New research published today says that White matter in the brain, previously implicated in animal research, may be disrupted in cocaine or heroin addicts’ brains.
Scientists from the Icahn School of Medicine at Mount Sinai and Baylor College of Medicine carried out a study on people who were addicted to cocaine or heroin.
They found that white matter in the brain, which had been linked to addiction in animal studies, was specifically damaged in the brains of these people. The findings of the study were presented today.
The study looked at how the prefrontal cortex (PFC), a part of the brain that is important for controlling higher-order executive functions, and the habenula, a part of the brain that is important for reward and reward-related learning, are linked.
In animal models of addiction, the habenula has been found to play a crucial role in driving drug-seeking behaviors.
In particular, signaling from the prefrontal cortex to the habenula is broken in rodent models of cocaine addiction. This suggests that this PFC-habenula circuit is involved in withdrawal and cue-induced relapse behaviors.
But until now, the PFC-habenula path in the human brain was not well understood.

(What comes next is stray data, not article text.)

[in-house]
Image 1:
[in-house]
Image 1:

Additionally, its role in the neuropathological effects of substances other than cocaine has not yet been investigated.
Using diffusion magnetic resonance imaging (MRI) tractography, researchers led by Rita Z. Goldstein, PhD, and Junqian Xu, PhD, looked at the PFC-habenula circuit in patients with cocaine or heroin addiction vs healthy control participants for the first time in the human brain.
Diffusion MRI tractography models the fiber bundles in the living human brain using noninvasive brain imaging.
“In addition to identifying microstructural differences, specifically reduced coherence in the orientation of the white matter fibers in the cocaine-addicted group that comprised both current cocaine users and those with short-term abstinence, we extended results beyond cocaine (a stimulant) to heroin (an opioid), suggesting that abnormalities in this path may be generalized in addiction,” says first author Sarah King.
Among all addicts, they found that impairment increased with earlier age of initial drug use, suggesting a possible involvement for this circuit in developmental or premorbid risk factors.
The findings contribute to the field’s ongoing research by focusing on a previously unstudied circuit in the pathophysiology of human addiction, where deficits may make a person more susceptible to developing a drug addiction and relapsing from it, and which may be potentially amenable to individually tailored prevention or treatment efforts.
Source: Mount Sinai Health System
Image Credit: Getty
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